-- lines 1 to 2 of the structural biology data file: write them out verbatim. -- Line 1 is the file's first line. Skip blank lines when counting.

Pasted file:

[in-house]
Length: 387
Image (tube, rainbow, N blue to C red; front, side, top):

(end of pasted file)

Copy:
[in-house]
Length: 387